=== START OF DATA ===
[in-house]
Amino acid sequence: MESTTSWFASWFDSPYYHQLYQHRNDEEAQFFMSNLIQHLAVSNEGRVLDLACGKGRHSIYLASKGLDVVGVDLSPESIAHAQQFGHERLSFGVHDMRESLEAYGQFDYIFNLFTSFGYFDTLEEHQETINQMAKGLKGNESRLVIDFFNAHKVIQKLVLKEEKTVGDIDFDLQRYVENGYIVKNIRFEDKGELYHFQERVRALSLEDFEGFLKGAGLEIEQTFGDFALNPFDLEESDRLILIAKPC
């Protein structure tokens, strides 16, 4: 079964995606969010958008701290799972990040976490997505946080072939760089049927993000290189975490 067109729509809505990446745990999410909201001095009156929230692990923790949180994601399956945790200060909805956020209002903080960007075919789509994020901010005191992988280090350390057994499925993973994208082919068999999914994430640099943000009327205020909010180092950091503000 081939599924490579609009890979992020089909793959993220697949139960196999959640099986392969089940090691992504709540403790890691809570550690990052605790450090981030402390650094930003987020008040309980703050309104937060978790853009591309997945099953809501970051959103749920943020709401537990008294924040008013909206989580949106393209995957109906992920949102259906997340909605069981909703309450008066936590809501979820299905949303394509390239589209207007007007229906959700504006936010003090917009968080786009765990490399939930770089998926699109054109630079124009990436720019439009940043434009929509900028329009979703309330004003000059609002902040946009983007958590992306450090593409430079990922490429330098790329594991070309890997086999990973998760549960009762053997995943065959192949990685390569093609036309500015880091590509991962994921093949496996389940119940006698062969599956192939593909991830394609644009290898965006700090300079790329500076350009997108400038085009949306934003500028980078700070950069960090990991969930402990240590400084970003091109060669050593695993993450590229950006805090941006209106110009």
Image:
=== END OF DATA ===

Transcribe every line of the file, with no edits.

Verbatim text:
[in-house]
Amino acid sequence: MESTTSWFASWFDSPYYHQLYQHRNDEEAQFFMSNLIQHLAVSNEGRVLDLACGKGRHSIYLASKGLDVVGVDLSPESIAHAQQFGHERLSFGVHDMRESLEAYGQFDYIFNLFTSFGYFDTLEEHQETINQMAKGLKGNESRLVIDFFNAHKVIQKLVLKEEKTVGDIDFDLQRYVENGYIVKNIRFEDKGELYHFQERVRALSLEDFEGFLKGAGLEIEQTFGDFALNPFDLEESDRLILIAKPC
């Protein structure tokens, strides 16, 4: 079964995606969010958008701290799972990040976490997505946080072939760089049927993000290189975490 067109729509809505990446745990999410909201001095009156929230692990923790949180994601399956945790200060909805956020209002903080960007075919789509994020901010005191992988280090350390057994499925993973994208082919068999999914994430640099943000009327205020909010180092950091503000 081939599924490579609009890979992020089909793959993220697949139960196999959640099986392969089940090691992504709540403790890691809570550690990052605790450090981030402390650094930003987020008040309980703050309104937060978790853009591309997945099953809501970051959103749920943020709401537990008294924040008013909206989580949106393209995957109906992920949102259906997340909605069981909703309450008066936590809501979820299905949303394509390239589209207007007007229906959700504006936010003090917009968080786009765990490399939930770089998926699109054109630079124009990436720019439009940043434009929509900028329009979703309330004003000059609002902040946009983007958590992306450090593409430079990922490429330098790329594991070309890997086999990973998760549960009762053997995943065959192949990685390569093609036309500015880091590509991962994921093949496996389940119940006698062969599956192939593909991830394609644009290898965006700090300079790329500076350009997108400038085009949306934003500028980078700070950069960090990991969930402990240590400084970003091109060669050593695993993450590229950006805090941006209106110009």
Image: